Moving up the insurance value chain

While most of the Insurtech companies are focused on increasing digital distribution or distributing new prod­ucts in the digital ecosystem, there are very few Insurtech companies that are focusing on the core function of an insurance provider namely claims and customer service. Taking advantage of the high availability of data, a few Insurtech companies have ventured into the field of ar­tificial intelligence and machine learning. With the help of technologies like computer vision and deep learning, these Insurtech companies are working with insurance providers on use cases such as automatic damage assess­ment of motor claims, auto-adjudication of claims using artificial intelligence and machine learning, anomaly and outlier detection of garages and hospitals to curb over-charging. Similarly, Insurtech companies are also work­ing on identifying fraudulent customers using image and video detection algorithms.

Transforming risk management

With a number of devices already connected using the In­ternet of Things (IoT) including Telematics devices, smart homes, IoT devices in industrial corporations, there exists an abundance of data for insurance providers. Telematics devices help in better understanding driving behaviour of individuals and can also help alter driving behaviour to mitigate accidents. Smart home data is helping insurance providers send real-time alerts in case of an accident at a home and many a times help predict an accident before it happens. Similarly, IoT devices in industrial corporations are helping to prevent short-circuits, predict failure of ma­chinery and avert large accidents in the workplace. All this is helping insurance providers work with corporate and retail customers to provide comprehensive risk manage­ment solutions in addition to simple risk transfer.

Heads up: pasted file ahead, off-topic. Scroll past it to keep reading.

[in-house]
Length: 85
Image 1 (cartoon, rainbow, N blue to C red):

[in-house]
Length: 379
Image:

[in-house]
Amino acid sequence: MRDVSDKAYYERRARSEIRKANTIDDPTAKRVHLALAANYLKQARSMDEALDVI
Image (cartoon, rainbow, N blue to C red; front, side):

Exciting times lie ahead for both the Insurance provider and Insurtech companies

As Insurtech companies continue to explore new areas with insurance providers, they are also challenging the way insurance providers are reaching out to customers and the way they are servicing them. This healthy com­petition is definitely helping customers as they seek new ways of buying traditional commoditized products and also look at easier ways for obtaining service from insur­ance providers. Similarly, advances in artificial intelli­gence and machine learning will help insurance providers in lowering operational costs, improving segmentation and providing comprehensive risk management solutions for corporates. Insurance providers are helping startups in discovering new high-impact business use cases. Lev­eraging their technological know-how, these startups are tailoring their business models to solve these challenges and become more Insurtech focused. Looking forward, interesting and exciting times lie ahead for both the In­surtech and the insurance sector.